The City Council Health Committee on Thursday endorsed a proposal that would allow the city to fine landlords up to $2,000 a day for failing to take steps to eradicate bed bug infestations.
The Chicago Association of Realtors opposed an earlier version, but supports the revised measure after Ald. Ray Suarez made some of the their requested changes.
The proposal now puts a bit more emphasis on what tenants must do to help eliminate bed bug infestations while giving landlords a bit more time to respond to complaints. It also gives judges leeway on whether to order monetary damages for tenants who face eviction or other retaliation for reporting infestations.
“I hope that it will solve a major problem in a lot of the areas where there’s a lot of buildings that have bed bugs,” said Suarez. The 31st Ward alderman added that he hopes it will prod all landlords to say, “If we have bed bugs, we’re going to do everything we can as fast as we can.”
Along with declaring bed bugs a public nuisance, the measure would require landlords of buildings with two or more rental units to hire licensed professionals to eradicate bed bugs in units where they are found. Landlords also must inspect neighboring units and if bed bugs are found in those, provide additional extermination services.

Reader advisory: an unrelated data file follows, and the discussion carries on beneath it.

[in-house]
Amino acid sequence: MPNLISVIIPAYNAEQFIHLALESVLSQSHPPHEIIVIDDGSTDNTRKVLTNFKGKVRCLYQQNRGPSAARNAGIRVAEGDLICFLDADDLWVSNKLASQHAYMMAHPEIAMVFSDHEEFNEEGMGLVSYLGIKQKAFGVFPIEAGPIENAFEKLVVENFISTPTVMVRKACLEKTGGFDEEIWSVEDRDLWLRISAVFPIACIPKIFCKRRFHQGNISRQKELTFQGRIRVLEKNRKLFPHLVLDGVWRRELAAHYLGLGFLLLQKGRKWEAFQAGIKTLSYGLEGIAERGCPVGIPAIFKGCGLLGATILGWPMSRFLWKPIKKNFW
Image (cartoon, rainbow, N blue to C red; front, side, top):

The proposal also would bar landlords from renting units with active bed bug infestations. Failure to comply with provisions of the measure could result in fines of up to $500 a day for a first violation, $1,000 for a second and $2,000 for a third or subsequent violation.
Tenants, in turn, are required to report bed bug infestations within five days of discovering them and must cooperate with the landlord in efforts to eradicate the pests. Under one change, they would have to completely seal and label bed bug-infested items before removing them from an apartment.Copyright © 2014, The Baltimore Sun